Exposing kids of this age to family wealth planning is another beneficial way to help them grasp the ideas of setting budgets and planning for financial goals. All forms, from shopping and paying bills to planning significant purchases and vacations, will broaden their knowledge of the components that go into overall financial management and provide insights into how to be a smart consumer and saver.

Another relevant area of focus during these years is introducing philanthropy and the notion that part of being money smart includes giving back to the community and those in need. An ideal starting point is helping your child research causes they are passionate about or local charities to support through their school or sports team.

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Helping teenagers understand wealth planning and decision making

In a day and age that favours immediacy, the mentality of “I want what I want when I want it” is one that’s become common among teenagers. This tendency to think only in the short-term reinforces the value of providing youth in this age range with education about and exposure to a higher level of financial concepts, including budgeting, basic credit, and investing.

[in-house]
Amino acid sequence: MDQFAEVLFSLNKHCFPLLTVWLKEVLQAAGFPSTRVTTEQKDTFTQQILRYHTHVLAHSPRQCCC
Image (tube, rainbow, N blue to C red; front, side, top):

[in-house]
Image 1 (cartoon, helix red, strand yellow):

While laws regarding working age vary slightly among different provinces and territories, most teens are legally able to start working between 14 and 16 years old. Once your teenager secures a part-time job, review the “save, spend, share” concept, helping them decide how to allocate their paycheque and decide on amounts or percentages to automatically set aside for savings, personal spending, and charitable giving.